Reconnecting the Rouge for fish
One key example of that environmental stewardship is a project currently underway to make it possible for fish to safely traverse the river past the Henry Ford Estate. The estate's historic dam is currently impassable by fish, but a decades-long effort to change that is finally about to come to fruition. The Michigan Department of Natural Resources made the fish passage a priority project in 1998, considering it a step towards eliminating the Environmental Protection Agency's (EPA) designation of the Rouge as a Great Lakes Area of Concern.
"We wanted to ecologically reconnect 50 miles of the Rouge River and 108 additional miles of those tributaries back to the Great Lakes system," McCormick says. "The dam essentially cut all those off from the rest of the Great Lakes."
It still took many years to build momentum and secure funding for the project, but the construction of a 15-foot passageway got underway in 2018. The process of developing vegetation to make the passage appear natural and not man-made began last year. Workers are finishing establishing vegetation in the passage this summer, and McCormick emphasizes that the public is asked to avoid the area in the meantime.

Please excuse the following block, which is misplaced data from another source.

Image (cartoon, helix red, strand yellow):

The finished project will promote greater biodiversity in the Rouge and move the river one step closer to a clean bill of health from the EPA. Norwood says the presence of fish in the river alone is a major positive change and a sign of successful river cleanup work.
"They're finding trout and salmon in the Rouge River now," he says. "Who would have thought you'd find that kind of wildlife in the river? We should cultivate that and get it back to where it was."
Outdoor events go online
Although heading out for a solitary paddle or riverside stroll remain safe ways to explore the Rouge, the COVID-19 pandemic has forced changes to most traditional outdoor group programming. McCormick says FOTR is known for "our boots-on-the-ground, hands-on, get-dirty, grassroots way of engaging the community."